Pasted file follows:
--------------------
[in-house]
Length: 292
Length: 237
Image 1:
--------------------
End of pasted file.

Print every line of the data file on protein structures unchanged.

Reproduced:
[in-house]
Length: 292
Length: 237
Image 1: